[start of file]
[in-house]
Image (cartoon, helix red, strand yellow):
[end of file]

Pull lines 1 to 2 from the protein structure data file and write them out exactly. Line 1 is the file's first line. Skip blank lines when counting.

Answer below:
[in-house]
Image (cartoon, helix red, strand yellow):